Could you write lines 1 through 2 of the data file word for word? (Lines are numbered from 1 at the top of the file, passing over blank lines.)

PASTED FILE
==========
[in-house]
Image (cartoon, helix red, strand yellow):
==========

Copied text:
[in-house]
Image (cartoon, helix red, strand yellow):